Interesting tech for 23 to 27 August 2010

I write a Tech Universe column for the NZ Herald. This is a fun assignment: Tech Universe brings 5 headlines each day about what’s up in the world of technology. Here are the links from last week.

Tech universe: Monday 23 August 2010

  • HIGHWIRE ACT: Balanced on a live wire hundreds of metres above the ground isn’t where I’d spend my working days. But the Canadian LineScout robot eats it up. The robot scans and repairs high power cables, all the while sending video back to base. It can navigate around obstacles too. Trapezes next?
  • 3G LEAKS: In Israel some water meters send out a 3G signal every 11 to 30 seconds. A remote operated drone flies around reading the signals and looking for unusual rates of flow that could indicate leaks. I guess there’s no water in the dead zones.
  • NIGHT RIDER: Night vision goggles convert photons into electrons that hit a phosphorous screen. An organic semiconductor detector instead displays the image on LEDs. The new device is tiny, cheap and made of plastic rather than heavy glass. Look for this soon in cellphones, spectacles or even a heads-up display in the car. A very handy piece of kit.
  • PROBABLY SAVED: Lyric Semiconductor has created ‘probabilistic’ analogue computer processors. Where traditional computers deal with absolute ones and zeros, the probabilistic processor allows for other values: each bit stores a probability that a value is 1. This could be important for spam filtering, shopping cart recommendations and spotting fraud. I’m not sure I’d like my computer to ‘probably save’ my documents.
  • TWEET ME UP: There are the words we use and the words we find in the dictionary. The just released 3rd edition of the Oxford Dictionary of English now includes such words as microblogging, social media, netbook, dictionary attack, paywall and tweet-up. Word up Scrabble players.

Tech universe: Tuesday 24 August 2010

  • THE CAR THAT CAN: The Baldos II is a tiny red car from Sweden that can go 152.2 kilometers on one litre of fuel — that’s 0.657 litres per 100 km. It’s a single-seater whose top speed is 35 Kph. Without the driver, the car weighs 155 Kg. Pranksters will have fun re-parking that one!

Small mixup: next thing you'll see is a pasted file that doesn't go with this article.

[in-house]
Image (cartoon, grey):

• MCAFEE INSIDE: Intel plan to buy McAfee and their security software for around US$30 per share, or almost $8 billion in total. Intel want to bolster “security for the growing shift to wireless connectivity.” I feel safer already.
  • SUNNY SPINNER: The Heliotrope solar house in Germany cost 1.2 million Euros. Designed to capture the sun’s light and heat through solar cells and other techniques, it gently rotates through the day. The house generates 5 times as much energy as it consumes. Forget Net Zero; energy ‘profit’ is the thing to aim for.
    Video (in German):
  • 3D ECHO: NIWA has been ‘pinging’ the ridges, volcanoes, plateaus, canyons and seamounts around NZ. Echo sounder systems send out hundreds of separate beams to build up a 3-D picture of the seafloor. Travel time of the sound shows water depth, while strength of the signal shows hardness and texture of the floor. 3D really is trendy these days.
  • TIGHT FISTED: Plastic cards haven’t totally done away with cash yet, but a new wallet can make it harder to spend those hard-earned notes. The Proverbial Bumblebee Wallet buzzes whenever your bank processes a transaction, while the Peacock grows and shrinks to reflect your bank balance, and the Mother Bear contains a hinge that resists opening. Just don’t buy yourself an extra treat for managing to open the darn thing.

Tech universe: Wednesday 25 August 2010

  • WEARABLE PHONE: A new slinky black cocktail dress, the M-Dress, is all cellphone. Gesture recognition software handles phone calls. Lift your hand to talk; lower your hand to hang up. The antenna is in the dress hem, and the SIM card is embedded in the dress. Just don’t throw the dress in the wash!
  • TRASH TALK: In Cleveland, Ohio, RFID chips are being added to recycle bins. If a chip show a bin hasn’t been put out for weeks, a supervisor will sort through the trash for recyclables. Residents will be fined for not handling trash appropriately. It won’t pay to be reducing your trash then.